I am in many ways an urban girl at heart. I love the culture and diversity of the city. I love having easy access to galleries, festivals, museums, and interesting people from every background imaginable. I find it exciting to be able to take classes and workshops on just about any topic I can imagine. I like being able to walk or ride my bike to all kinds of interesting shops, bakeries and restaurants.Husband and I are foodies and the city offers no shortage of opportunities to sample diverse cuisines, and buy exotic ingredients to cook with.
My ideal social group is made up of creative, diverse, worldly, and educated people. The type of people who are always up for trying new things, being spontaneous, taking interesting classes, hosting amazing dinner parties, and traveling to exotic places. These types of people would be easy to find in the big city, which is brimming with interesting young professionals and diverse social networks.
But the city also comes with crowds, noise, pollution, a high cost of living, crime, traffic, and a whole whack of other things I really can’t stand. When it comes down to it, these factors make it a no-brainer for me to live in the country, where I can have space, fresh air, and peace and quiet.
From a social perspective, I long for the city, but from a health and wellness perspective, I long for the country.
And that disconnect is really hard to reconcile.
I mourn the fact that living in the country may prevent me from ever having the type of social life I always imagined I’d have. My visions of a future surrounded by a social network of people from all over the world, with fascinating careers and a multitude of talents, who can discuss world events and culture, who’ve traveled and seen and done exciting things, who are creative and think outside the box and love to try new things and go on adventures – are increasingly unrealistic when I look at the realities of living in a small town.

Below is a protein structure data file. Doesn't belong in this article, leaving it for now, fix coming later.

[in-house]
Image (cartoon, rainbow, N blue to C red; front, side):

My cohorts here are friendly, but the majority of my peer group here has never traveled outside of this province, let alone outside of the country. The majority have no higher education, and while that alone isn’t really a problem, they also have no real interest in the broader world around them or a thirst for knowledge. Most of them have interests limited to hunting, shopping, television, pickup trucks, and going to the local pub. I don’t intend for this to sound snobbish, there’s nothing wrong with those interests, but it’s not the social life I want, and certainly not the life I imagined for myself.
So I guess I’m stuck. Longing for a reality that is frankly, unrealistic. I really want the best of both worlds, a rambling house in the country with lots of space, mature trees, a big garden, and quiet tranquility, within a short cycling commute of a hip urban community full of fascinating people and exciting social opportunities. And as I’m pretty sure that doesn’t exist, I’m left contemplating which of those lifestyle factors matters more to me.
I really don’t know.